• The True American Patriot
    After reading a portion of Walt Whitman's "Leaves of Grass", particularly the preface and "Song of Myself", I found it to be inspiring and uplifting. Whitman is the most enthuiastic American poet I have ever read and his passion for life and nature is amazing. He did not ever want to miss a second of life or the smallest detail of nature. He shares his limitless love for all Americans, including, of course, himself. I particularly enjoy his frequent usage of listing without commas, which I find livens his excitement for life even more. Whitman, although he may come off as a bit over eager to some, truly makes you realize how blessed you are and how lucky you are to live in this beautiful place, and he reminds us all that we should not take any of these blessings for granted. Something I find I need to be reminded of more than I should. I recommend this book to all....more info
  • America's First Great Poet
    Please forgive the presumptuous title of my review. But Walt Whitman was and still is one of the most influential poets I have ever read. He began life on a farm on Long Island, but times got bad and his family uprooted itself and moved to Brooklyn. Brooklyn at that time was a growing city unto itself and trades were needed. Thus Whitman learned the trade of printer. But his soul led him to a higher calling. He became a jounrnalist and wrote poetry. His early efforts did not amount to anything major. Yet sometimes the unimaginable happens in a man's life. A sudden thrust of inspiration strikes one like a bolt of lightning. Then something new and unique is born out of this inception - a new form of poetry - what is today referred to as free verse. Yes, Whitman is the father of the form, and perhaps one of its greatest practitioners. The beat poets who were to follow in his footsteps never really rose to his great height of mystic revelation. I think that's what the other reviewers are talking about when they refer to Whitman's religiosity. For Whitman was the poet of a new world, a new nation, a growing entity that would go on to fulfill an old dream of mankind. That is, the dream of a thoroughly new man, a man who was free from the past, a man who could find his soul was one with the fathomless cosmos. Hence, "Walt Whitman, a cosmos" is a very telling way Whitman has of describing himself to his reader.

    My favorite poem by Walt Whitman is his "Song of Myself." It contains the seed of everything he had lived as a human being and every vision he would realize as a mystic of epic proportions. After that, I believe his next great poem was "I Sing The Body Electric." "Drum Taps" was also quite an interesting addition to "Leaves of Grass." Also, "When Lilacs Last In The Dooryard Bloomed" is Whitman at his poetic best.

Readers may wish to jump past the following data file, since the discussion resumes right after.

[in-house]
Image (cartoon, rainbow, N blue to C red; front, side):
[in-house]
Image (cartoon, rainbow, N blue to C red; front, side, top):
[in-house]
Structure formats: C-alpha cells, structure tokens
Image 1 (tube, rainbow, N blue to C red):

So it is without any reservation that I am highly recommending "Leaves Of Grass" to all and sundry as a must read. Especially now, in the wake of 9/11 we need to reaffirm what it means to be American, and I know of no better American Visionary to help in this cause then Walt Whitman....more info

  • Essential American poetry
    Whitman's "Leaves of Grass" is a collection of some of the finest American free-verse poetry ever written. Outward from his home on Brooklyn, Whitman soars out over our great nation, painting a sweeping portrait of mid-nineteenth century America and its diverse inhabitants. Whitman covers a panorama of ideas and themes, from lofty, aloof musings on the nature of man, to piercing depictions of the horrors of war. Gems of wisdom hang from Whitman's web of of verse like dew drops - easy to see but hard to grasp. This is a powerful work, and a never-ending source of beauty. Unfortunately for me, I am not a big fan of free verse, making this work harder for me to enjoy than I had hoped.

    Which edition do I recommend? That really depends on what you are looking for. If you are just interested in getting a taste of Whitman, I would recommend some of the abridged versions. I don't feel that reading all 700+ pages of Whitman's poetry is necessary for anyone but his biggest fans and students. For a complete version, I found the Modern Library edition acceptable, but nothing spectacular. This work has a multitude of editions, and I would recommend actually holding them in your hand before making a decision on which best suits your needs....more info

  • Leaves of Grass
    Having read only tid bits, here and there, from Leaves of Grass, I found that it was full of truly unique American poetry. Whitman definitely achieved his goal of becoming a truly innovative poet. The fact that he rarely uses any type of meter, rhyme scheme, or exaggerated rhetorical devices almost says that he has mastered the basic fundamentals of poetry and surpassed his peers. He is so far above the simple and frequently used methods that he must create his own fresh and new style of writing. I found Leaves of Grass to be a lot to grapple with as a high school student, especially his philosophy pertaining to Deism, and yet, it was most intriguing and made me want to simply delve deeper into it. I look forward to completing Leaves of Grass and recommend it to anyone looking for truly original forms of American poetry....more info
  • A Lover of all Forms
    Whitman is, no doubt, the truest. Many other popular poets are regarded too highly for their reflections on reality. Whitman is beyond mere relection, he has seen and deciphered the underlying objects of so much other work. Masterful....more info